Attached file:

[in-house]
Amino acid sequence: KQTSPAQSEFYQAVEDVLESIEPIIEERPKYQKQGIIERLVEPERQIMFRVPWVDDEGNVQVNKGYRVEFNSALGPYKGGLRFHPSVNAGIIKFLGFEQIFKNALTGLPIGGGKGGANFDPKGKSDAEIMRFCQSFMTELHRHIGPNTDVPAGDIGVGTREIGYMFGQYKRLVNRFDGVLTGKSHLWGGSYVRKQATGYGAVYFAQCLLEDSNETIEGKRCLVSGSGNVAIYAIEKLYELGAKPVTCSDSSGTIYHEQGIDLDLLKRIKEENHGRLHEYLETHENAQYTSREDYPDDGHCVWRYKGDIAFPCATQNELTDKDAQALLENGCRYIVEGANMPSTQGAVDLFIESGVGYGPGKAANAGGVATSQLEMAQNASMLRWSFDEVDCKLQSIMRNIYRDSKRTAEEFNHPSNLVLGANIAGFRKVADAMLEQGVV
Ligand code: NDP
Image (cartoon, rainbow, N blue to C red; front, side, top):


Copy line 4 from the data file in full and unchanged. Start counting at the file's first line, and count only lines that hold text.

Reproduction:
Image (cartoon, rainbow, N blue to C red; front, side, top):